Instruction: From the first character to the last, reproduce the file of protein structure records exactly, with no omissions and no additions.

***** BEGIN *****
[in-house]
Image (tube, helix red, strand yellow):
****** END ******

[in-house]
Image (tube, helix red, strand yellow):